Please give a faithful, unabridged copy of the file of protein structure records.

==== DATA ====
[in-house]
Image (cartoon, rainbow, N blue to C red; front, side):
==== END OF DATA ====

[in-house]
Image (cartoon, rainbow, N blue to C red; front, side):